The End of the Studio System, Part 2



This is the second post of three parts that is part of the Classic History Project Blogathon hosted by Movies Silently, Silver Screenings, and Once Upon a Screen, and sponsored by Flicker Alley.

Part 1: The Foundation Slips


The House Un-American Activities Committee (HUAC), the Hollywood Ten, and the subsequent blacklistings are large topics in their own right. They did not directly impact the downfall of the studios of the system, but they were yet another symptom that something was broken. The anti-communism movement and the fallout contributed to a great deal of pessimism within the industry, while also removing talented individuals that included actors, directors, writers, and even common crew.

Alger Hiss Taking an Oath

The hearings and inquiries into Hollywood began in 1947 where they were trying to identify Hollywood filmmakers who had ties to the Communist Party, and were subsequently trying to influence Americans with a leftist agenda expressed through film. The Hollywood Ten refused to testify and were blacklisted. Many other notable individuals would later be blacklisted, including Charles Chaplin, Orson Welles, Martin Ritt, John Garfield, Judy Holliday, Dashiel Hammett, and countless more. Some cooperated and testified, naming names. This list included Elia Kazan and Sterling Hayden.


The Paramount Decision of 1948 was the smoking gun that effectively ended the studio system’s dominance of the industry. All of the tricks like block booking and blind bidding were immediately abolished, once and for all. The entire decision can be read here. It was a detailed decision and a pointed one. The studios had to divest themselves of their theater holdings and operate as production companies only.


The decision was devastating and there were major repercussions. Overnight, the landscape had changed and the studios had to make drastic operational changes. The fallout would pave the way for television and a new era of Hollywood filmmaking.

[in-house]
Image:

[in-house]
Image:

Since the studios could no longer push their lower quality inventory on theaters, they had to scale back on B picture productions. Most of the studios focused solely on A pictures. This meant there were also fewer overall productions. This meant fewer jobs, at least in film.

Each studio transitioned differently. Universal was one of the outliers that remained in the lower grade feature or B picture business. They revived the Abbott & Costello franchise, and originated some other franchises that would eventually land on television.

The studios now had to make deals directly with the talent. In this new world, they resembled the independent systems like the Selznick system. Since they had lost leverage, the negotiations were not always in their favor. They made deals with filmmakers, such as Alfred Hitchcock as independent producers and directors. The talent that was in demand held substantially more leverage than they did under the old system.

The directors, actors, and all of the talent were essentially free agents. They made films for different studios. During what most consider to be Hitchcock’s best work in the 1950s, he worked primarily with Warners and Paramount, but he made North by Northwest with MGM. Directors like Hitchcock developed more into auteurs, whereas in the previous system, producers such as David Selznick and many others (Val Lewton for instance) had some sort of authorial control.